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OPINION: New York Times Editorial: Time to Stop Stalling on Nuclear Waste


The New York Times’ editorial board today praised last week’s federal appeals court ruling that the Nuclear Regulatory Commission must resume its consideration of the license application for Yucca Mountain, describing the decision as a “well-justified rebuke” for NRC’s dismissal of the law. The New York Times noted that the commission currently has enough funds on hand to publish Yucca’s long-suppressed safety evaluation, and urged Congress to provide additional funding to complete the license review so the public can finally know, after over 30 years of research and $15 billion spent, whether Yucca can safely provide for storage of our nation’s nuclear waste.

Time to Stop Stalling on Nuclear Waste

A federal appeals court has given the Nuclear Regulatory Commission a well-justified rebuke for “flouting the law” when it stopped analyzing the safety of the proposed nuclear waste site at Yucca Mountain in Nevada, some 100 miles northwest of Las Vegas. The commission engaged in some questionable maneuvers aimed at preventing the Yucca site from ever opening, thus carrying out pledges to scuttle the facility made by President Obama, while campaigning for the presidency in 2008, and Senator Harry Reid, a Democrat of Nevada and the majority leader, who has ferociously opposed the site for years.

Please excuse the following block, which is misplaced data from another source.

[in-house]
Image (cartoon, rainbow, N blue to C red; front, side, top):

A few years ago, the commission, then led by one of Mr. Reid’s former aides, claimed that it lacked enough money to continue evaluating a licensing application for the site, including its overall safety, that had been submitted by the Department of Energy. It shut down the licensing program, dismantled the computer system upon which it depended, removed certain findings from reports evaluating the site, shipped the documents to storage and reassigned the program’s personnel to other projects.

Last week, a three-judge panel of the United States Court of Appeals for the District of Columbia Circuit ruled 2 to 1 that the commission could not abort the licensing review while there was still money available for it. Although Congress has appropriated little or no money for the review in recent years, it has not told the commission it should not spend previously appropriated funds. There is $11 million left from past appropriations — enough to complete and publish a full safety evaluation, including conclusions that had previously been suppressed.

After spending decades and billions of dollars in studying Yucca, Congress ought to appropriate enough new funds to complete the overall licensing evaluation to determine whether or not Yucca would make an acceptable repository. Meanwhile, as a step in that process, we urge the commission not to appeal the court decision but instead use its remaining money to publish an unredacted safety evaluation. The information would be useful because underground burial, if not at Yucca then elsewhere, remains the preferred option for permanent disposal.

To read the editorial online, click HERE.


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